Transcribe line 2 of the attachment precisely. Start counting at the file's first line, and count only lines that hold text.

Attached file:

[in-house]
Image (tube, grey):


Image (tube, grey):